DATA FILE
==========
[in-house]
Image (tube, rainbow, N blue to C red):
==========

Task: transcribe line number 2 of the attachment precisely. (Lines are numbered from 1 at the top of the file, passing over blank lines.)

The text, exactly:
Image (tube, rainbow, N blue to C red):